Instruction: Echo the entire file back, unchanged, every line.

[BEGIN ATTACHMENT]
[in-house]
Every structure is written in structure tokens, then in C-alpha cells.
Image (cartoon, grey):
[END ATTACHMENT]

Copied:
[in-house]
Every structure is written in structure tokens, then in C-alpha cells.
Image (cartoon, grey):